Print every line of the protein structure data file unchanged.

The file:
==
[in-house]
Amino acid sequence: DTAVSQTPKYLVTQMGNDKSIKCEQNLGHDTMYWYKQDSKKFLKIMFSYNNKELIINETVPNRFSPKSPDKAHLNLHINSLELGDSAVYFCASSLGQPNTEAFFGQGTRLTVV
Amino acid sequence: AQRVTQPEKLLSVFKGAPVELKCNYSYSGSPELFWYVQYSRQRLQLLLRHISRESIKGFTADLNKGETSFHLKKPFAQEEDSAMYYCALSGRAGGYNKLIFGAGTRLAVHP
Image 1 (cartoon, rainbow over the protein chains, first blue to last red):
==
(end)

[in-house]
Amino acid sequence: DTAVSQTPKYLVTQMGNDKSIKCEQNLGHDTMYWYKQDSKKFLKIMFSYNNKELIINETVPNRFSPKSPDKAHLNLHINSLELGDSAVYFCASSLGQPNTEAFFGQGTRLTVV
Amino acid sequence: AQRVTQPEKLLSVFKGAPVELKCNYSYSGSPELFWYVQYSRQRLQLLLRHISRESIKGFTADLNKGETSFHLKKPFAQEEDSAMYYCALSGRAGGYNKLIFGAGTRLAVHP
Image 1 (cartoon, rainbow over the protein chains, first blue to last red):